The interpretation and applicability of a statute is a question of law requiring an independent determination by the reviewing court, (Sher v. Leiderman (1986) 181 Cal.App.3d 867, 881, 226 Cal.Rptr. 698), and the appellate court is not bound by evidence presented on the question in the trial court.   (Valov v. Tank (1985) 168 Cal.App.3d 867, 873, 214 Cal.Rptr. 546.)   We must ascertain the intent of the legislature so that we may effectuate the purpose of the law;  when a statute is theoretically capable of more than one construction we are obliged to choose that which most comports with the intent of the legislature.  (Curtis v. County of Los Angeles (1985) 172 Cal.App.3d 1243, 1249, 218 Cal.Rptr. 772.)   The purpose sought to be achieved and the evils to be eliminated have an important place in ascertaining the legislative intent;  when two constructions appear possible, the court should favor that which leads to the more reasonable result.  (Cerra v. Blackstone (1985) 172 Cal.App.3d 604, 608, 218 Cal.Rptr. 15.)   Courts may consider the consequences that might flow from a particular interpretation, and construe the statute with a view to promoting rather than defeating its general purpose and the policy behind it.  (Scuri v. Board of Supervisors (1982) 134 Cal.App.3d 400, 407, 185 Cal.Rptr. 18.)

We are aware that Division Two of our district in State Farm Mutual Auto Ins. Co. v. Patton (1987) 194 Cal.App.3d 626, 631, 239 Cal.Rptr. 750, has recently held that the insured must give notice to the insurer of the lawsuit against the uninsured motorist within one year of the accident to preserve his or her claim under the insured motorist provisions of the policy.   We respectfully disagree with that court's construction of the statute and agree with appellants that the only reasonable and proper construction is that the notice provision is not subject to the one year requirement.

We start with the principle that Insurance Code section 11580.2 must be liberally construed to carry out its objective of providing financial protection for injuries caused by uninsured motorists and, as a corollary, any exception or exclusion from uninsured motorist coverage must be strictly construed.  (State Farm Mut. Aut. Ins. Co. v. Lykouresis (1977) 72 Cal.App.3d 57, 61, 139 Cal.Rptr. 827.)   The language in issue creates an absolute prerequisite to the accrual of any cause of action under the Uninsured Motorist law and does not create a conventional statute of limitations.   (United States v. Hartford Accident and Indemnity Co. (9th Cir.1972) 460 F.2d 17, 19;  California State Auto. Assn. Inter–Ins. Bureau v. Cohen (1975) 44 Cal.App.3d 387, 396, 118 Cal.Rptr. 890.)   Thus, the provisions of section 11580.2, subdivision (i)(1) create in reality an exclusion from coverage if certain prerequisites are not met.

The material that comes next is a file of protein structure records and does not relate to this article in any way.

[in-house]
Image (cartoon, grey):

In view of the public policy in favor of uninsured motorist coverage (State Farm Mut. Auto. Ins. Co. v. Lykouresis, supra, 72 Cal.App.3d at p. 61, 139 Cal.Rptr. 827), we construe the ambiguous language of the statute liberally in favor of coverage in the situation where, as here, notice of the timely filed suit is given to the insurer in a reasonable period of time after appellants' attorney discovered the uninsured status of the driver, Hilton, even though such notice was given about 17 months after the underlying accident.   Such construction of the statute is consistent with the rule that modifying phrases are to be applied to the words immediately preceding them and are not to be construed as extending to more remote language.  (Tri–County Elevator Co. v. Superior Court (1982) 135 Cal.App.3d 271, 275, 185 Cal.Rptr. 208.)   It is interesting that there is no comma after the modifying phrase “in a court of competent jurisdiction.”   Rather, the entire clause modifying the word “suit” reads as follows:  “․ in a court of competent jurisdiction and notice of such suit has been given the insurer․”  The lack of the comma suggests that the Legislature intended the notice provision not to be parallel or conjunctive to the filing suit provision, but part of the modifying clause.   As part of a modifying clause, it is not subject to the more remote language pertaining to the one year requirement.